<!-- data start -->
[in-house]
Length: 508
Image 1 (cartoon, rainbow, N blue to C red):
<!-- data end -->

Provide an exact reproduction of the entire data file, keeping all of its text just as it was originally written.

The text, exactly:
[in-house]
Length: 508
Image 1 (cartoon, rainbow, N blue to C red):